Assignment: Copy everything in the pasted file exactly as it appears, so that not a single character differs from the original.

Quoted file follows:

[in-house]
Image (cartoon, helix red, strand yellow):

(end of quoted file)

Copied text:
[in-house]
Image (cartoon, helix red, strand yellow):